The Magic of Octave Displacement

As I pointed out in my very first post to this blog, if two pitches are an octave apart, the ear hears them as having a certain sameness — in fact, music theorists talk of all the various C-sharps (for example) as forming an “equivalence class.” Composers can exploit that fact using a technique I call octave displacement.

In my Prelude No. 3, the opening melody has a smooth contour, moving mostly by half steps and whole steps (except for the perfect fifth in bar 3). But when it returns in bars 72-75, the notes alternate between the lower octave and the higher octave, giving the modified melody a jagged contour with a truly devilish sound — in keeping with the Allegro diabolico marking for the piece. Yet despite the wild leaps, it remains clear to the ear that it is the same melody. Devilish magic! 🙂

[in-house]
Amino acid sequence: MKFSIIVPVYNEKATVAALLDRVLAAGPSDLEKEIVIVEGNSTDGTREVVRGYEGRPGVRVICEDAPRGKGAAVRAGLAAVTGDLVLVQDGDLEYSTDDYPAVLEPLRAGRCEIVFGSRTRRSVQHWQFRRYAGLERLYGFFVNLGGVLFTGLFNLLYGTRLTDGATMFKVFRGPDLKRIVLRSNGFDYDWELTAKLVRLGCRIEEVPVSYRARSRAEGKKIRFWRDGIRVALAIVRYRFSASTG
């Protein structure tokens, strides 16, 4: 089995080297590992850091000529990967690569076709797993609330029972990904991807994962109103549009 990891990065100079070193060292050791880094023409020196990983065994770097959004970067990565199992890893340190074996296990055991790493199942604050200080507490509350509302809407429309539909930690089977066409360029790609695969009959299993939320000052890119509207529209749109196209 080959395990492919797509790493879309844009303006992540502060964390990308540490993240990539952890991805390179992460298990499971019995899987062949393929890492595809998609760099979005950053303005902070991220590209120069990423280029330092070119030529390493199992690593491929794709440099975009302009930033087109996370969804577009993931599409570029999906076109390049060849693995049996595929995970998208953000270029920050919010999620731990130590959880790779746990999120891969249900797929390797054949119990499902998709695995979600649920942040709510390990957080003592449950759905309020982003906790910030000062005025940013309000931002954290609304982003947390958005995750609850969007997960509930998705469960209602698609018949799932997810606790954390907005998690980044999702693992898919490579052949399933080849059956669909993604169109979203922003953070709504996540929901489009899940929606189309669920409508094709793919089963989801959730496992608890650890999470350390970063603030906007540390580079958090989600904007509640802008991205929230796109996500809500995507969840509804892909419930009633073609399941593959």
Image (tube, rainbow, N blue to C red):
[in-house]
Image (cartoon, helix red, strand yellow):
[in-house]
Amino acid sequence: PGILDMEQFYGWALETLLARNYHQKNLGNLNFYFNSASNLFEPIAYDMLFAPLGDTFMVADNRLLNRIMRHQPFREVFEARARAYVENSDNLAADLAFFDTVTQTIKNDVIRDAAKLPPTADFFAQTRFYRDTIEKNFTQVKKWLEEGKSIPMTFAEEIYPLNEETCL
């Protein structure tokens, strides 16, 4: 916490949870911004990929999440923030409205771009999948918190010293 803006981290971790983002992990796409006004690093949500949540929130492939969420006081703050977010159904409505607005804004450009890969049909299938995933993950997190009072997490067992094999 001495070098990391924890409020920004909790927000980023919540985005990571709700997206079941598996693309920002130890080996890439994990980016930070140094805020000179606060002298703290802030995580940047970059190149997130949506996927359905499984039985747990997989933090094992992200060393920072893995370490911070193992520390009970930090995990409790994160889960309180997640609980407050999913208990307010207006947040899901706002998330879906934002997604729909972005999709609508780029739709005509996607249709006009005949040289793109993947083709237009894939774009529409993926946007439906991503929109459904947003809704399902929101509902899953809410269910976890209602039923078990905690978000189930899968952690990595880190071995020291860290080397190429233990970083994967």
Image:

The jagged version of the melody can be heard around 2:15 in this video:

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